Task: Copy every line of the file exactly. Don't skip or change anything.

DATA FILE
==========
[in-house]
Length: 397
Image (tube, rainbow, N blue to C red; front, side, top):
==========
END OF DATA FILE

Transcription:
[in-house]
Length: 397
Image (tube, rainbow, N blue to C red; front, side, top):